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Date of Issue: July 09, 2008

Remembering the 'old dog'

Jim Hanson relaxes between stories at The Islander office.
Jim Hanson was honored by Cortez in 2006 for his coverage of the village in The Islander.
Jim Hanson's sweet tooth was satisfied on his 80th birthday in 2004 with a huge chocolate cake.

Jim Hanson stories are myriad.

He and I met more than 20 years ago when we were both editing newspapers owned by the same company.

We worked side by side, and I found that his journalistic experience spanned decades. Hell, he worked on a paper in Washington state that used linotypes to set copy - those bulldozer-sized machines that used to creak and crank out hot lead pieces of metal in the shape of letters that would end up on a printing press, inked and imprinted on the paper.

We learned how to use computers together.

It was a slow process for both of us old dogs in tipping our toes into the computer age, but we eventually got the hang of it all and could zip through like pros on our old Apple 2 computers - cutting-edge processors for the day.

Jim worked out of his back room on Longboat Key then. We would get page layouts on Friday afternoon, then work like fiends through the weekend to get the paper to the printer Monday and Tuesday.

After a month or so, and after getting to know Jim, I suggested it was silly for him to drive all the way to south Sarasota to the company office to pick up the layout sheets. Why not meet downtown somewhere, say, and maybe have a beverage? I suggested.

He thought that was great. And so we did. I’d deliver his mail on Friday afternoon, kibitz about how awful the news was, talk about what was going on - did I mention adult beverages? - and then we went forth to do the voodoo to finish the weekly newspapers.

After a while, I mentioned to another journalist that Jim and I were meeting on Fridays and asked if he’d care to join us. He did, as did others of a like mind, and others, and others.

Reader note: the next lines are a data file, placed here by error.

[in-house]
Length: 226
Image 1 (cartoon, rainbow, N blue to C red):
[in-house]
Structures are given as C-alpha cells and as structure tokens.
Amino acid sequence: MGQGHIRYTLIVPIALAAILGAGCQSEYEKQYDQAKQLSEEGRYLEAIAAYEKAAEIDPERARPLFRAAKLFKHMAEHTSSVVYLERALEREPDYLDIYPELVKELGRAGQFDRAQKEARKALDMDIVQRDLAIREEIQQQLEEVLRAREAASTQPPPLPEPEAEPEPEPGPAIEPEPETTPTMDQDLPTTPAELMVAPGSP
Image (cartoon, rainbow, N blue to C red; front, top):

It was Jim who gave our gatherings the name of “choir practice,” and those of us that remain here meet still.

Our respective newspapers got folded into another publication and although I departed, Jim stayed for a while. He went to the Pelican Press of Sarasota and Siesta Key and also started to do some work for The Islander. He eventually left the Pelican and worked exclusively for The Islander, where he quickly fell in love with Cortez. I’ve always thought that the villagers were just as quirky as Jim, which was the likely reason for the love affair.

Jim was always there for us. Breaking news? No problem - give Jim the basics and you’d have a complete article in 20 minutes.

Need a comprehensive analysis of something so complicated that even the people doing the analysis didn’t quite know what was going on? No problem - give Jim a few days and he’d produce a piece that was comprehensive, coherent and eloquent.

He was an award-winning journalist in Florida, but he was humble. He got a best-in-state in the press association contest for agricultural writing on an article he did on beekeepers, and another for religious writing on the St. Bernard Catholic Church 50-history and anniversary celebration. And there were others, too numerous to mention.

Jim called himself the “old dog.”

And I’m sure going to miss the old dog.

Jim died July 4 and many regular Islander readers will miss him.